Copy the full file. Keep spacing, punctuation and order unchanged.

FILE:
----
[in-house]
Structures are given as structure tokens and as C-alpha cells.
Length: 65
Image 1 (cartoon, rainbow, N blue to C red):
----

[in-house]
Structures are given as structure tokens and as C-alpha cells.
Length: 65
Image 1 (cartoon, rainbow, N blue to C red):